Network-based diffusion analysis reveals cultural transmission of lobtail feeding in humpback whales

Science. 2013 Apr 26;340(6131):485-8. doi: 10.1126/science.1231976.


We used network-based diffusion analysis to reveal the cultural spread of a naturally occurring foraging innovation, lobtail feeding, through a population of humpback whales (Megaptera novaeangliae) over a period of 27 years. Support for models with a social transmission component was 6 to 23 orders of magnitude greater than for models without. The spatial and temporal distribution of sand lance, a prey species, was also important in predicting the rate of acquisition. Our results, coupled with existing knowledge about song traditions, show that this species can maintain multiple independently evolving traditions in its populations. These insights strengthen the case that cetaceans represent a peak in the evolution of nonhuman culture, independent of the primate lineage.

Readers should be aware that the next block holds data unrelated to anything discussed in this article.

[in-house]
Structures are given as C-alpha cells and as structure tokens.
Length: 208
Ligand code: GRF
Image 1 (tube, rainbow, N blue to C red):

Publication types

  • Research Support, Non-U.S. Gov't

MeSH terms

  • Animals
  • Cultural Evolution*
  • Feeding Behavior*
  • Female
  • Humpback Whale / psychology*
  • Male
  • Population
  • Social Behavior*
  • Social Networking
  • Transfer, Psychology*